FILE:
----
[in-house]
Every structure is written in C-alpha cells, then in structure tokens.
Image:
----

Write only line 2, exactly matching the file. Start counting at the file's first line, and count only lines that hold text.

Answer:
Every structure is written in C-alpha cells, then in structure tokens.